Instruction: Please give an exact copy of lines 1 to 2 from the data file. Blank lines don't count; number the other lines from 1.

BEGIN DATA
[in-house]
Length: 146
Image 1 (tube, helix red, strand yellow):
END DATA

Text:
[in-house]
Length: 146